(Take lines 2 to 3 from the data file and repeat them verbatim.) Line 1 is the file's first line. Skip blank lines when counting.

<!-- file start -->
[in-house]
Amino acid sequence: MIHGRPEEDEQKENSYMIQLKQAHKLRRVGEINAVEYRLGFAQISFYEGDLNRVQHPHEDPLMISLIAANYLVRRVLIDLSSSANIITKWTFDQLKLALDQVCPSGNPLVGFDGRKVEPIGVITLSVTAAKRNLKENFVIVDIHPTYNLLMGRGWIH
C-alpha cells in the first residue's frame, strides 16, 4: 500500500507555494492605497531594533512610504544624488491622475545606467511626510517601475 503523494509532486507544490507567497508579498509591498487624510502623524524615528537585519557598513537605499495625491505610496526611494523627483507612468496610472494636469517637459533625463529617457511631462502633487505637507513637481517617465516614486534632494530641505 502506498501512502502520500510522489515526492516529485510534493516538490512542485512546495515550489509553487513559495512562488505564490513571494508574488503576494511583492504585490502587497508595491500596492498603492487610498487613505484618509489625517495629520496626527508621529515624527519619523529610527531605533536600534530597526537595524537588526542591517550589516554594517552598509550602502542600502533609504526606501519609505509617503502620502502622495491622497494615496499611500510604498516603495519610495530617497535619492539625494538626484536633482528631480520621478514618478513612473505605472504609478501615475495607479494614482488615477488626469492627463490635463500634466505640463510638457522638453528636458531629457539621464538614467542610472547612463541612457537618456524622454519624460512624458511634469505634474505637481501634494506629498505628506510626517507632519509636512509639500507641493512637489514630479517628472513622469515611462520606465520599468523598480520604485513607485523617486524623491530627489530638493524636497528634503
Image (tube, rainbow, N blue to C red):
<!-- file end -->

Amino acid sequence: MIHGRPEEDEQKENSYMIQLKQAHKLRRVGEINAVEYRLGFAQISFYEGDLNRVQHPHEDPLMISLIAANYLVRRVLIDLSSSANIITKWTFDQLKLALDQVCPSGNPLVGFDGRKVEPIGVITLSVTAAKRNLKENFVIVDIHPTYNLLMGRGWIH
C-alpha cells in the first residue's frame, strides 16, 4: 500500500507555494492605497531594533512610504544624488491622475545606467511626510517601475 503523494509532486507544490507567497508579498509591498487624510502623524524615528537585519557598513537605499495625491505610496526611494523627483507612468496610472494636469517637459533625463529617457511631462502633487505637507513637481517617465516614486534632494530641505 502506498501512502502520500510522489515526492516529485510534493516538490512542485512546495515550489509553487513559495512562488505564490513571494508574488503576494511583492504585490502587497508595491500596492498603492487610498487613505484618509489625517495629520496626527508621529515624527519619523529610527531605533536600534530597526537595524537588526542591517550589516554594517552598509550602502542600502533609504526606501519609505509617503502620502502622495491622497494615496499611500510604498516603495519610495530617497535619492539625494538626484536633482528631480520621478514618478513612473505605472504609478501615475495607479494614482488615477488626469492627463490635463500634466505640463510638457522638453528636458531629457539621464538614467542610472547612463541612457537618456524622454519624460512624458511634469505634474505637481501634494506629498505628506510626517507632519509636512509639500507641493512637489514630479517628472513622469515611462520606465520599468523598480520604485513607485523617486524623491530627489530638493524636497528634503